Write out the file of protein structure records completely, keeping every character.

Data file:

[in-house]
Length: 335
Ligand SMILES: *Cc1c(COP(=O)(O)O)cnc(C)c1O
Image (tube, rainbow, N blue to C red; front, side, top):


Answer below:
[in-house]
Length: 335
Ligand SMILES: *Cc1c(COP(=O)(O)O)cnc(C)c1O
Image (tube, rainbow, N blue to C red; front, side, top):